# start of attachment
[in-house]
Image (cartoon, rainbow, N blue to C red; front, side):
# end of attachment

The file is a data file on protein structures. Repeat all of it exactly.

[in-house]
Image (cartoon, rainbow, N blue to C red; front, side):